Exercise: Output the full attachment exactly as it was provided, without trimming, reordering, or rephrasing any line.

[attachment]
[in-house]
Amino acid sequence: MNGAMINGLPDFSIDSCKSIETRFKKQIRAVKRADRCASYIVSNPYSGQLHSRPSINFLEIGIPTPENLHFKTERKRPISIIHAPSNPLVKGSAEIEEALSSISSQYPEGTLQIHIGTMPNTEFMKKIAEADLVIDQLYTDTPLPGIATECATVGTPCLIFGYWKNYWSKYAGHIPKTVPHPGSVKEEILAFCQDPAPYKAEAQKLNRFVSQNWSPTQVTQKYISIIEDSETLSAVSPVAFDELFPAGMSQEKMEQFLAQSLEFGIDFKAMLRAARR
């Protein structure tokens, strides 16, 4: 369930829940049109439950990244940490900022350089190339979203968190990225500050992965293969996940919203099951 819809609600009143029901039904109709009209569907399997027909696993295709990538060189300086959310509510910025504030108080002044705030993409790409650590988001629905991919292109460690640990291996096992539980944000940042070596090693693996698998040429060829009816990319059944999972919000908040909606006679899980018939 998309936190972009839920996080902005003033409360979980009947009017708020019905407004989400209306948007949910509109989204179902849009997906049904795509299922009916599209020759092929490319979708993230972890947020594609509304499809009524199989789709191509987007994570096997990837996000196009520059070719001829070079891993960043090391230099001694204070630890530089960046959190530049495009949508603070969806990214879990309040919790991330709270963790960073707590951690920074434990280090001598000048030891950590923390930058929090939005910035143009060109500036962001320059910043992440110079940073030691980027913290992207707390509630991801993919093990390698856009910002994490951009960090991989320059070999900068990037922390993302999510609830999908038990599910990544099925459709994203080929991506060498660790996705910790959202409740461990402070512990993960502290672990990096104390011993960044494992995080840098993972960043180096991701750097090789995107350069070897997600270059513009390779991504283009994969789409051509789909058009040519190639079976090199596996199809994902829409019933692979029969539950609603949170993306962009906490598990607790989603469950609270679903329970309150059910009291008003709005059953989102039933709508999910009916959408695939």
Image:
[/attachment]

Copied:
[in-house]
Amino acid sequence: MNGAMINGLPDFSIDSCKSIETRFKKQIRAVKRADRCASYIVSNPYSGQLHSRPSINFLEIGIPTPENLHFKTERKRPISIIHAPSNPLVKGSAEIEEALSSISSQYPEGTLQIHIGTMPNTEFMKKIAEADLVIDQLYTDTPLPGIATECATVGTPCLIFGYWKNYWSKYAGHIPKTVPHPGSVKEEILAFCQDPAPYKAEAQKLNRFVSQNWSPTQVTQKYISIIEDSETLSAVSPVAFDELFPAGMSQEKMEQFLAQSLEFGIDFKAMLRAARR
């Protein structure tokens, strides 16, 4: 369930829940049109439950990244940490900022350089190339979203968190990225500050992965293969996940919203099951 819809609600009143029901039904109709009209569907399997027909696993295709990538060189300086959310509510910025504030108080002044705030993409790409650590988001629905991919292109460690640990291996096992539980944000940042070596090693693996698998040429060829009816990319059944999972919000908040909606006679899980018939 998309936190972009839920996080902005003033409360979980009947009017708020019905407004989400209306948007949910509109989204179902849009997906049904795509299922009916599209020759092929490319979708993230972890947020594609509304499809009524199989789709191509987007994570096997990837996000196009520059070719001829070079891993960043090391230099001694204070630890530089960046959190530049495009949508603070969806990214879990309040919790991330709270963790960073707590951690920074434990280090001598000048030891950590923390930058929090939005910035143009060109500036962001320059910043992440110079940073030691980027913290992207707390509630991801993919093990390698856009910002994490951009960090991989320059070999900068990037922390993302999510609830999908038990599910990544099925459709994203080929991506060498660790996705910790959202409740461990402070512990993960502290672990990096104390011993960044494992995080840098993972960043180096991701750097090789995107350069070897997600270059513009390779991504283009994969789409051509789909058009040519190639079976090199596996199809994902829409019933692979029969539950609603949170993306962009906490598990607790989603469950609270679903329970309150059910009291008003709005059953989102039933709508999910009916959408695939």
Image: